The Grateful Dead

  • Year:
  • Inducted by:
    Bruce Hornsby
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No band embodied the psychedelic rock era's mind-expanding, counterculture vibe better than the Grateful Dead.

During marathon concerts marked by communal, peaceful atmospheres, the San Francisco troupe combined traditional genres such as folk, bluegrass and roots with experimental, freewheeling musical excursions.

Hall of Fame Essay


Davin Seay

Evolution. Its a process measured in eons. But every so often, when a historic junc­ture is reached and critical mass achieved, evolution takes a breathtaking leap for­ward. In one moment, things are as they always were. In the next, they will never be the same again.

San Francisco. 1965. It was a time and place where the potent charge of rock & roll hotwired an epochal transformation, a gen­erational shift that set the world wobbling. Music was an express agent of that change, articulating and animating the social and spiritual convulsions shredding the air.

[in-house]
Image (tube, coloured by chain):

But as much as music was the midwife of sixties revolution, it was also being revolutionized, goosed up the  evolutionary lad­der by a once-in-a-lifetime assemblage of pilgrims and pioneers, staking out new frontiers of  consciousness along the rugged Western edge.

Rock and Roll Hall of Fame Induction Ceremony Program 1994
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The Dead has always been about artistic curiosity and freedom
Bruce Hornsby



Tom Constanten Shirt, 1969



Photography: Kevin Mazur, WireImage